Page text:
Gammel Hellerup Extension
Following the completion of the multi-purpose hall of the Danish high school in 2013, Bjarke Ingels Group (BIG) has revisited Gammel Hellerup to implant a space for cultural activity that connects the sports grounds to the rest of the school. This design focuses on connection and it is visible throughout the project, from concept to where the elements of the building join, as well as the connection of the built environment to itself and the users.
The new intervention looks like the last piece of the Hellerup puzzle, completing the open edge that was formerly the alienated sports grounds in a manner strongly resembling the Moesgrad Museum done by Henning Larsen Architects.
The new building is submerged under a continuation of the grassy recreational land, doubling as an informal spectator area as well as a place for school children to relax during the course of the school day.
As a former student at Gammel Hellerup High School, Bjarke Ingels explains “that my high-school, formerly introverted and dispersed, has become open and integrated through two focused interventions. Even though each phase is autonomous and complete – their introduction in to the mix has completely reconfigured the sum of the parts. Like a catalyst or an enzyme – once inserted – all the surrounding substance transforms into something completely new”, which can be read from the images captured of the students interacting the the space.
The interior is meticulously done in terms of its synthesis. The connection points are consciously merged with the concept of connection in mind. This is visible where the floor meets wall, and wall meets ceiling.
The access into and around the building is inclusive, with ramps being provided where stairs would be the primary form of vertical circulation. BIG incorporates curved landscape features which transform the public space into a space that rewards the users.
Points of egress are articulated in a way that prompts the user towards the next room or passage, emphasizing the importance of connection. These doorways aren’t at all inclusive, and as expected, a ramp is positioned on the furthest side of the actual focal point of architecture. This lack of inclusive thinking still burdens today’s architecture, because the demographic of users isn’t as realistic as it should be, regardless of the different groups accounted for. The growing popularity of the school suggests a varied range of students and staff, along with community members who would use any of the spaces designed, so access to the built environment should have an impact of the design, and not be an after-thought and only included to comply with safety rules and regulations.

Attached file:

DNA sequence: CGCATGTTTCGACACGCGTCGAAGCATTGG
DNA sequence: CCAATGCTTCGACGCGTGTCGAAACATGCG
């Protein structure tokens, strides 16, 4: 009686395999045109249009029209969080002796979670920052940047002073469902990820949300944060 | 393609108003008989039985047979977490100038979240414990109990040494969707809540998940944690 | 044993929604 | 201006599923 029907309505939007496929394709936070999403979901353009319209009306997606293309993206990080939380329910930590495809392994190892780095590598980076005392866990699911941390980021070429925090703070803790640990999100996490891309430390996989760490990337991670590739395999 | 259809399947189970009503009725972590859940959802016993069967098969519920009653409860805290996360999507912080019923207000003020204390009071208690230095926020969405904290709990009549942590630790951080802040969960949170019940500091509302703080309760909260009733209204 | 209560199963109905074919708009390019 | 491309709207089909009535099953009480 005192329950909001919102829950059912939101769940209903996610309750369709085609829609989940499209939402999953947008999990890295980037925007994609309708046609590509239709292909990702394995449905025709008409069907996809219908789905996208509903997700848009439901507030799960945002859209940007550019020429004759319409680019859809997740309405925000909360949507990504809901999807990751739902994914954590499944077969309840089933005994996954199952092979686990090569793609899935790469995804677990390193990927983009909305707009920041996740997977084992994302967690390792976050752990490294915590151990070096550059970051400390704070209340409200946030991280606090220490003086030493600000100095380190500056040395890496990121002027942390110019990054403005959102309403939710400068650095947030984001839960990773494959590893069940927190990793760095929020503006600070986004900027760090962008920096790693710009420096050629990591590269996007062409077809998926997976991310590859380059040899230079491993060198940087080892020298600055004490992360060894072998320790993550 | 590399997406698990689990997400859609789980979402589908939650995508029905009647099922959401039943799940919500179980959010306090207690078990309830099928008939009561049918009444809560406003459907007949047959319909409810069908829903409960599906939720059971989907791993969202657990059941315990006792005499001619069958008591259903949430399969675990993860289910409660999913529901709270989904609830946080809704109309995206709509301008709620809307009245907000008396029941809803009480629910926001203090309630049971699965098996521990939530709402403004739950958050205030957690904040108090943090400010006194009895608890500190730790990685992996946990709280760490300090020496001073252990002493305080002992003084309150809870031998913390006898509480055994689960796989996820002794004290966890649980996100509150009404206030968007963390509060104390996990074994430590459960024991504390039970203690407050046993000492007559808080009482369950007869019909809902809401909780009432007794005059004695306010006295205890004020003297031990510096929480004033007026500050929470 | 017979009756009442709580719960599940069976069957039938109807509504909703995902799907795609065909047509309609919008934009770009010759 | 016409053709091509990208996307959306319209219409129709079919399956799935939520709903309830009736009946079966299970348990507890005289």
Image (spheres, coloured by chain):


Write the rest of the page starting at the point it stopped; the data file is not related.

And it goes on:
By: Thelma Ndebele
Location: Duntzfelts Alle 21, 2900 Hellerup, Denmark
Multi Use Hall & Gymnasium Partners In Charge: Bjarke Ingels, Finn Nørkjær
Multi Use Hall & Gymnasium Project Leaders: Ole Schrøder, Ole Elkjær-Larsen, Frederik Lyng
Multi Use Hall & Gymnasium Team: Ana Merino, Anders Hjortnæs, Christian Alvarez, Dennis Rasmussen, Gül Ertekin, Henrick Poulsen, Hjalti Gestsson, Jan Magasanik, Jakob Lange, Jacob Thomsen, Jeppe Ecklon, Ji-young Yoon, Michael Schønemann, Narisara Schröder, Riccardo Mariano, Rune Hansen, Snorre Nash, Thomas Juul-Jensen, Vincent He, Xu Li
Photographs: Jens Lindhe, Rasmus Hjortshoj, Peter Moldow